Breeding Woodcock Survey 2013

Key findings

  • In 2013, we conducted a repeat survey of breeding woodcock with the British Trust for Ornithology (BTO) to determine current population size and change in distribution and abundance since 2003.
  • 834 randomly selected sites were surveyed for roding woodcock by more than 700 volunteer surveyors.
  • The number of wooded 1x1 km² squares at which breeding woodcock were calculated to be present dropped from 35% to 22%.
  • We estimate the breeding woodcock population for Britain as 55,241 males, representing a reduction of 29% in the last 10 years.

Woodcock (www.lauriecampbell.com)The woodcock was ‘amber-listed’ as a bird of conservation concern in 2002 because of an apparent long-term decline in breeding numbers and range, estimated from general bird surveys organised by the British Trust for Ornithology (BTO). However, the species’ population size was unknown at the time and a crude estimate suggested just 5,000-12,500 ‘pairs’. Consequently, in 2003 we teamed up with the BTO to conduct the first national survey of breeding woodcock, employing a species-specific counting method. Our earlier work had shown that by recording the number of passes of roding male woodcock in a given time, abundance could be calculated using a calibration equation describing the relationship between roding activity and the number of individual males present (identified on a computer from recordings of their calls). This initial survey gave a population estimate of 78,350 males for Britain.

Although this new, more accurate population estimate was larger than any previous estimates, we were still concerned about the likely trend in woodcock numbers. We have co-ordinated annual counts by keen volunteers at a sample of sites first surveyed in 2003, and these suggest an average decline of 4.9% per year. Coupled with the findings of the BTO’s Bird Atlas 2007-11, of a further range contraction of 29% since 1988-91, we had an indication of problems with our resident, breeding woodcock population and hence we decided that it was important to repeat the national survey in 2013.

In 2013, volunteers visited 834 random 1x1 km² squares during the breeding season. Surveys were widely spread across the UK and for the first time included sites in Northern Ireland. Based on this nationwide sample, woodcock were calculated to be present at 22% of squares containing more than 10 hectares of woodland. Northern Scotland and northern and eastern England remained stronghold areas, with between 33% and 50% of wooded squares supporting at least one roding woodcock. The lowest occupancy levels were recorded in Wales (5%), south Midlands (7%) and south-west England (6%). It is now particularly noticeable in southern England that sites occupied by breeding woodcock are clustered in areas with extensive blocks of woodland, such as the Forest of Dean, the New Forest and Thetford Forest.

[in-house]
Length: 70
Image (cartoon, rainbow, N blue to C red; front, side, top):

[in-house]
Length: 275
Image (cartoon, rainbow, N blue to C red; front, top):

Comparison with 2003 suggests a decline in overall site occupancy of 19% in the last 10 years. We observed declines in site occupancy in 10 of 11 regions, with the most severe reduction of 67% in Wales, albeit based on a small sample of sites. A small gain was recorded in northern England (16%).

Table 1: Woodcock population size estimates (males) with 95% confidence
intervals and percentage change between 2003 (Hoodless et al. 2009) and 2013.

  2003 2013  
Region Total Lower
95% CL
Upper
95% CL
Total Lower
95% CL
Upper
95% CL
% change
North Scotland 24,088 14,640 34,633 23,913 14,796 33,478 -0.7
South Scotland 15,163 6,110 28,075 6,185 2,023 11,095 -59.2
Northern England 7,169 4,192 10,469 5,808 2,420 11,125 -18.2
North Midlands 5,139 2,998 7,612 3,806 1,188 7,890 -25.9
Eastern England 6,811 3,011 11,712 4,562 1,771 8,148 -33.0
East Anglia 3,485 1,747 5,794 1,791 1,201 2,465 -48.6
South Midlands 1,123 520 1,820 890 277 1,719 -20.8
Wales 1,767 541 3,259 914 119 1,900 -48.3
South-West England 2,234 774 4,147 939 311 1,683 -58.0
Central South 6,586 4,506 9,124 3,928 2,553 5,490 -40.4
South-East England 4,782 2,480 7,785 2,507 1,046 4,396 -47.6
               
England 37,328 30,101 44,089 24,229 17,563 32,239 -35.1
Scotland 39,251 24,173 56,632 30,098 19,664 41,015 -23.3
Wales 1,767 541 3,259 914 119 1,900 -48.3
               
Britain 78,346 61,717 96,493 55,241 41,806 69,004 -29.5

 

Breeding woodcock count sites in the UK where observers were present in both 2003 and 2013We estimate the current breeding woodcock population in Britain to be 55,241 males. This represents a 29% decline in numbers from the 2003 estimate of 78,350. The Scottish population estimate declined from around 40,000 to 30,000 males, though the vast majority of these losses were observed in southern Scotland. In England, the population estimate fell from 37,328 to 24,299 males, representing a loss of 35%. The Welsh breeding population was low in both survey years at only 1,767 and 914 males in 2003 and 2013 respectively.

From our early radio-tracking studies in the late 1980s to the early 1990s, we know that woodcock have fairly specific habitat requirements during the breeding season and therefore may be sensitive to habitat change. During 2015 and 2016, we will undertake further analyses using data on landscape composition around survey sites and information on habitat structure collected during the 2003 and 2013 surveys to understand better their influence on breeding woodcock distribution. We don’t yet understand the factors driving the decline in our breeding woodcock, but they are likely to include declining woodland management, increased browsing by deer, drying out of woods, maturation of conifer plantations, increased recreational disturbance and increased predation. As far as possible, we hope to quantify the effects of these influences in the coming years.

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